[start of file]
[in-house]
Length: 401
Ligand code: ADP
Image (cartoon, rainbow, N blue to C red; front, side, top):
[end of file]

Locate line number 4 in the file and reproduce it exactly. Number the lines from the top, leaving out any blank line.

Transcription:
Image (cartoon, rainbow, N blue to C red; front, side, top):